Yesterday I finally scraped myself off the couch and made myself go to the doctor. It was the spots covering my body that convinced me to go. Never mind how horrible I felt in every other way possible.
You can imagine my disbelief when they told me that it looks as if I have Rocky Mountain spotted fever. Rocky Mountain spotted what?! I mean, I've heard of it...but. Geez. Anyway, they started treatment immediately since failure to do so can be dangerous if not fatal. As you can imagine, sitting in the doctor's office listening to all of this was a bit surreal. At this point I'm not sure if I feel like crap from my initial (and current) physical condition or from the powerful antibiotics that they are using to treat it with. What is it, you ask? Well, sort of like a scarier version of Lyme's Disease. Google it. It's interesting, if nothing else.
I imagined a more poetic or humorous or dramatic post about this exotic sounding sickness I've picked up. But there you have it. I'm covered in a rash and am glad to have survived a weeks worth of migraine-like headaches, nausea and fevers.
Everything is on hold.
I pulled a Medicine Card today and got the "Bat." Perfect. This is some of what it said (shortened version, of course):
"Bat embraces the idea of shamanistic death. . . Shaman death is the symbolic death of the initiate to the old ways of life and personal identity. . . If Bat appeared in your cards today, it symbolizes the need for a ritualistic death of some way of life that no longer suits your new growth pattern. This can mean a time of letting go of old habits, and of assuming the position in life that prepares you for rebirth, or in some cases initiation. In every case, Bat signals rebirth of some part of yourself or the death of old patterns. If you resist your destiny, it can be a long, drawn out, or painful death. The universe is always asking you to grow and become your future. To do so you must die the shaman's death."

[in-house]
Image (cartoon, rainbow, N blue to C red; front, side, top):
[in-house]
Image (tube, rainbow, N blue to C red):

And so there is one half of me imagining a caricature of myself standing on top of a pen-drawn mountain. I'm covered in cheerful pink polk-a-dots striking a Saturday Night Fever pose. That same part of me has John Denver's "Rocky Mountain High" playing over and over in my head. I imagine dying from listening to his music. That part laughs at myself and the absurdity of the entire situation.
There is another part of me that sits in a chair under the willow tree and stares out over the pond in a complete space-out.
There is another part of me fitfully asleep on the couch, the floor, the bed, then the other bed.
There is yet another part of me that sees this uncomfortable state of being as a perfect (although strange) match for the transformation that is taking place both within and around me.
At the moment, mostly I just feel crap. I can't work for very long. It takes most of my energy to walk from the house to the studio. I've been canceling photoshoots and meetings all week and last. Today I went for a short drive with the dogs and it was a big deal. Oh boy. Sitting in front of the computer for very long is impossible. Unpacking is not an option. Building my empire is out of the question.
Everything is on hold. I wait to feel better. I begin to understand that I need to just experience this. I don't have to get deep about it. I've already done a lot of thinking. Right now I find it difficult to think much at all. And that, my friends, is probably what I need more than anything: to stop thinking for one divine minute.
Rocky Mountain spotted fever is hereby the strangest illness that has ever come my way. I laugh at the idea! But earlier this week, the pain was enough to bring tears, too. The important part is that I think I'm on the mend.
Life is strange. That's all I have to say.